–First, the new draft standards are simply the Common Core: in many cases simply cut and pasted, in others slightly rewritten.

–Second, the problem with the Common Core and all other state standards in the country is that they are written in an impenetrable eduspeak that parents and citizens cannot understand.

–Third, the K to 5 standards, whose purpose in the early grades should be to teach the fundamentals of reading and spelling, are clearly written with either an anti-phonics bias or a lack of understanding of how an explicit phonics program actually works.

–Fourth, another mischief to be found in these standards is the questionable dictating of teaching practices in the name of standards.

–Fifth, all of the above deficiencies probably flow from a lack of clarity concerning what an academic standard should be.”

Sandra Stotsky, a professor emerita at the University of Arkansas who helped Indiana write standards in 2009 that were never adopted, was asked to comment on the draft English standards. Stotsky, a withering critic of Common Core, agreed to comment on the draft standards only if they did not look like Common Core standards:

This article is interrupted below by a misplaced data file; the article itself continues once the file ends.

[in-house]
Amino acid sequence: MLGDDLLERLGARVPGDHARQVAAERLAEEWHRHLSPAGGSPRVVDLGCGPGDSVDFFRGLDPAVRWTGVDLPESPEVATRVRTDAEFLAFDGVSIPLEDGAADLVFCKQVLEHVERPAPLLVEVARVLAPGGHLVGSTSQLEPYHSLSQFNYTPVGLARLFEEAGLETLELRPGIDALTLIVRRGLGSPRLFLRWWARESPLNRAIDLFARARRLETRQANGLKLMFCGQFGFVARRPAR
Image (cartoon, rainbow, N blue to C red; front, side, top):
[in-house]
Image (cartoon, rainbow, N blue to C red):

“The standards for grades 6 to 12 in the draft sent to me on March 14, 2014 for review were not significantly different from the standards for grades 6-12 in the public comment draft that had been posted by the Indiana Department of Education in February 2014. Those standards received a great deal of public criticism for being mostly Common Core’s standards. But (the second draft) was not much different. According to the department’s own analysis, 93 percent of the standards in grades 6 to 12 in (the second draft) were identical to, or slightly edited versions of, Common Core’s standards in grades 6 to 12. The differences between (the original draft) and (the second draft) lay mainly in K to 5, even though K to 5 in (the second draft) was, according to the department’s own analysis, also heavily repetitious of Common Core’s standards. On March 17, I wrote to Gov. Pence indicating that I would not review (the second draft).”

Hung‐Hsi Wu, a math professor at the University of California at Berkeley, commented on the draft math standards:

“The standards of (second draft) in K to 8 are predominantly those of the (Common Core), with a few amendments made and with a few nonessential standards added. It would appear that the amendments are not necessarily for the better. The 9 to 12 standards of (second draft) are, of course, different from those in (Common Core) because the former is grade-specific and the latter is not. Unfortunately, the 9 to 12 standards of (second draft) are only half-baked and do not appear to have been carefully thought through. They are far from ready for prime time.”